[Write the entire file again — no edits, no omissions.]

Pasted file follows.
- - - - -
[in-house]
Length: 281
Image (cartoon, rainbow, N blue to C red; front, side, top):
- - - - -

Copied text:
[in-house]
Length: 281
Image (cartoon, rainbow, N blue to C red; front, side, top):